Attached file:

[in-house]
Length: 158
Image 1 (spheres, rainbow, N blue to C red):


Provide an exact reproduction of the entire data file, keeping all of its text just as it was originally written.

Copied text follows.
[in-house]
Length: 158
Image 1 (spheres, rainbow, N blue to C red):